Faldor returns to take the place of the Doctor from Speakeasy on a final(?) Star Trek commentary. We examine the film as a treatise on Shakespeare and Sherlock Holmes (and international politics and racism, whatever) and speculate on Kim Catrall’s allure.
We discuss some background on how the budget constrained Nick Meyer’s production values and how he nevertheless prevailed mightily. We like this adventure a lot, roast turkey, purple blood, and all.
I’m watching the Blu-ray theatrical cut. Faldor is watching the PAL DVD director’s cut. We try to keep clear on where we are. Start the movie after the Paramount logo, on the countdown.
At last, I rejoin the Doctor for another journey to the stars, this time to find God Himself. The Doctor takes away all my pain and yours to, if you’ll only join him in his insane quest to do commentaries for all the Star Trek movies.
We discuss the wisdom of Shatner getting to direct just because Nimoy got to direct, the likelihood that Kirk is the source of most of the pain on the Enterprise, the likelihood that I would fall for the old fan dance trick, and much, much more!
Start the movie with the Paramount logo faded to white on the countdown.
It’s another Trek! Join the Doctor and me again for the one where Spock swears and Kirk fails to score and the rest of the crew does an amazing job of stealing some whales: a.k.a. “the corny one.”
Nevertheless, the Doctor and I enjoy it enormously and don’t poke too much fun at its premise of a giant space Tootsie Roll menacing Earth with a really loud stereo and traveling back in time to bring back whales to talk to it. It’s just ridiculous, but the jokes are actually mostly funny, and the characters are great.
Start the commentary after the Paramount logo has faded and the Paramount title card has just come up, on the countdown.
Join me as I join the Doctor again for our third trek! This is the one where Spock is reborn, and McCoy carries Spock’s mind alongside his own mind, and Sulu changes clothes at inappropriate times. We examine the ideas of Vulcan mind transfer, naked racism in the Federation, and the meanness of wrapping reborn people in their own death shrouds.
We also discuss whether or not McCoy almost accidentally picks up an alien prostitute, whether or not Scotty is basically R2D2, and whether or not Kirk answers Spock’s question honestly when Spock asks “The ship safe?” And along the way, you’ll learn which scientific discoveries the Doctor condemns as dangerously unpredictable and why my first sexual experience was like Spock’s.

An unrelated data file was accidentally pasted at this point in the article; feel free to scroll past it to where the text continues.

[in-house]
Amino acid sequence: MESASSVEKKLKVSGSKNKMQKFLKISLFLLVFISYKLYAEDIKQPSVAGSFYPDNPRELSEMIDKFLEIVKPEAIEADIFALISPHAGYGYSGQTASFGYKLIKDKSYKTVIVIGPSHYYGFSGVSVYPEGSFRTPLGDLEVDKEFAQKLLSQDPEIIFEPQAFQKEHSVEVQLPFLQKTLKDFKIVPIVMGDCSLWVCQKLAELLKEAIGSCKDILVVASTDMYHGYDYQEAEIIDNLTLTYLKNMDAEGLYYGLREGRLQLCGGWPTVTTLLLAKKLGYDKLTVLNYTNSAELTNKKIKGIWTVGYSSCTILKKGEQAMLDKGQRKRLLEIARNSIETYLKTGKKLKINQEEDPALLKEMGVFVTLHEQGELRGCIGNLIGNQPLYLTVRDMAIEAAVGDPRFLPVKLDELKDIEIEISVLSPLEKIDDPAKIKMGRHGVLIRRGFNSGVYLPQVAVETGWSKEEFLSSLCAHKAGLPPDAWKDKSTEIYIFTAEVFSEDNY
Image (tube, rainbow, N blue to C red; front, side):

Start the commentary with the Paramount logo faded to white, on the countdown.
Join me as I join the Doctor again for another trek into space! Together, we examine the meaning of friendship and sacrifice and [shifts jaw awkwardly] “human”. We examine the structure of the story and debate the artificiality of Shatner’s hair and Montalban’s chest. We contemplate Sean Connery as a scholar of Judaism and wonder about how Sulu spent the time between TPM and WoK and also how many times Kirk has had to fight an illegitimate child to the death.
Overall, we love the film, altho it is perhaps slightly more talky and less profound than many would like to pretend. I can’t remember the phrase “affirmative action”. And we get cut off briefly at one point but quickly get back on track.
Other movies featuring “Amazing Grace” on the bagpipes (ref):
This is a PAL version. Start the commentary with the Paramount logo faded out and the Paramount title card (just the words) about to fade in, on the countdown.
The Doctor joins me again for another walk down memory lane, this time with Robert Wise and Alan Dean Foster’s tribute to 2001: A Space Odyssey and slow-motion model work. We both love the film and William Shatner and Persis Khambatta and the idea that Decker might just be responsible for creating the Borg.
We’re watching the director’s cut, with the silver “Paramount Pictures Presents” lettering at the beginning and not the theatrical cut with the gold lettering. The differences are not enormous.
The Internets are kind to us this time (the Doctor has “moved house” as they say in the UK) but his new microphone goes wonky a couple of times, making him a little hard to hear thru the noise. We’re very sorry and promise to have it sorted out in the future.
Start the commentary with the Paramount logo faded out and the Paramount title card (just the words) about to fade in, on the countdown. (91 MB)
JJ Abrams’ reboot of the storied Star Trek franchise meets its match in the form of myself and the Doctor from Speakeasy Podcast, in which we deftly pick apart the minor plot inconsistencies, such as every single thing that happens. However, we do love the film (even if it does feel like $150 million dollar fan fiction aimed at lens flare aficionados) so we fawn over the actors and effects and compare it to the original series and movies. But we also expose the ugly specter of racism and alcoholism in Starfleet (speaking of which: take a drink every time someone abandons his post as captain!).
Errata: Thruout the film, I stupidly call the Narada the Naruto. Also, grog rations were ended by the British navy in 1970. And the one where Kirk angers Spock with insults is “This Side of Paradise” and not “Shore Leave”. (Those are all mine. The Doctor’s “facts” are all “true”.)
Start the commentary with the Paramount logo just faded out, on the countdown. (91 MB)
Running commentaries that you listen to while you watch the movie.